Aghoreshwara Temple, Ikkeri, Sagara Taluka, Shivamogga District, Karnataka

The fall and eventual disintegration of the mighty Vijayanagara Empire in the Battle of Talikota led to the establishment of an independent kingdom by the Keladi Nayakas. Keladi was chosen as the capital for 14 years after which Ikkeri was nominated as the capital and remained so for more than hundred years.


It is in Ikkeri that the coins of the kings were minted. According to historical records, the capital had huge walls built as three concentric enclosures. A grand palace of mud and timber that was profusely decorated with gods and goddesses. carvings, stories from the Hindu scriptures and auspicious Hindu iconography was reduced to rubble by the Bijapur Adil Shahis in the 16th – 17th century and taken over by Hyder Ali in the mid – 18th century.


The iconic Aghoreshwara Temple was desecrated by the Muslim invaders and later renovated by local chieftains. The temple is regarded to be the only vestige of the former grandeur of Ikkeri.


On first glance, the temple exudes a harmonious incorporation of different architectural styles of the Kadambas, Hoysalas, Western Chalukyas and Vijayanagara Empire with an infusion of the Keladi style. The temple has a large mukha mandapa, an open sukhanasi and a garbha griha with a narrow circumambulation path.


This north-facing temple has a majestic roof with intricately carved doorways on the west, north and east. A pair of elephants are seen at the north entrance. The mukha mandapa has beautifully crafted pillars with richly embellished capitals.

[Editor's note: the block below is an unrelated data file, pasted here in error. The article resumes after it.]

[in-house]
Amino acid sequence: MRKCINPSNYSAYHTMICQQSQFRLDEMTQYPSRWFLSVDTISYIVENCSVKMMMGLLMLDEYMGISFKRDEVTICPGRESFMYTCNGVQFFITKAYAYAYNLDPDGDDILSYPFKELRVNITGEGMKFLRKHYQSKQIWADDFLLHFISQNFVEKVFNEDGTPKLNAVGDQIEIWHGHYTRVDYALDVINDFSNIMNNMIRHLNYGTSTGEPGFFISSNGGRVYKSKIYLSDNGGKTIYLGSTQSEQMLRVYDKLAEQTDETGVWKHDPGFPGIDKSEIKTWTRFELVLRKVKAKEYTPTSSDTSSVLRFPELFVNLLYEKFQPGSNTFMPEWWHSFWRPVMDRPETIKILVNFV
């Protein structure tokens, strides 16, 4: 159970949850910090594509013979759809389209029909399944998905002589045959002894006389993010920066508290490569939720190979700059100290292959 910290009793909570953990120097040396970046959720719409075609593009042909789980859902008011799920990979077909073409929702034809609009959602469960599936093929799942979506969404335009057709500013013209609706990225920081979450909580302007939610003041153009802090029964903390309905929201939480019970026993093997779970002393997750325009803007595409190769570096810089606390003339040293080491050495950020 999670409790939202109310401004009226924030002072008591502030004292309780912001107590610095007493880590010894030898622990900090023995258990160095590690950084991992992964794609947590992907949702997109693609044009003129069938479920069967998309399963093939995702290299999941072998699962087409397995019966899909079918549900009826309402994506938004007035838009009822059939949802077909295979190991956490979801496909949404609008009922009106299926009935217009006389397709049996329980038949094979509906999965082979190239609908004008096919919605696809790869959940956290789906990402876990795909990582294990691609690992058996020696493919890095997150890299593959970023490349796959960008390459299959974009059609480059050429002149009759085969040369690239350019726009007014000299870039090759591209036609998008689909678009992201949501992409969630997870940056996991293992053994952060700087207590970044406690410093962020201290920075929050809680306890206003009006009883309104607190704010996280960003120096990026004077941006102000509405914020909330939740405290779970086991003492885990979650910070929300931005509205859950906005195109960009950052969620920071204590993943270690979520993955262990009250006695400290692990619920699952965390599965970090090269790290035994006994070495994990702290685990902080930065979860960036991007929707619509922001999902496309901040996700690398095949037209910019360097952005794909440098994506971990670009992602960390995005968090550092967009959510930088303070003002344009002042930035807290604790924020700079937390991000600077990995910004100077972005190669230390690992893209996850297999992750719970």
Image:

The sukhanasi has a small figure of Lord Nandi carved out of white spar and niches dedicated to Lord Ganesha, Lord Kartikeya, Lord Bhairava and Mahishasuramardini. There are sculptures of three Keladi kings paying obeisance to the Lord in front of the shrine.


The sanctum sanctorum is built of huge stones and has a gigantic pedestal adorned with 32 seated female figures. The original Linga was actually very large in size and placed behind the current Linga. It was destroyed by the Bijapur Adil Shahis. Interestingly, only the padukas of the original Linga is seen on the Shakti Peeta where the Linga has been consecrated.


The temple also has a metal sculpture of Lord Aghoreshwara with 32 hands. Inscriptions found around the temple throw some light on when certain portions of the temple were built and reconstructed.


The external facades have perforated windows, running parapets, miniature niches, ornamental turrets, gods and goddesses, nagas, apsaras, repetitive patterns, floral and foliage motifs and linear elements.


The Akhilandeshwari Temple is located to the west of the main shrine and built perhaps a little later along with the famous Nandi pavilion that houses a magnificent Nandi in black stone with mirror finish. The Akhilandeshwari Temple has a mukha mandapanavarangasukhanasi and garbha griha. The walls are adorned with pilasters, swans and lotuses.


Written by Lakshmi Subramanian

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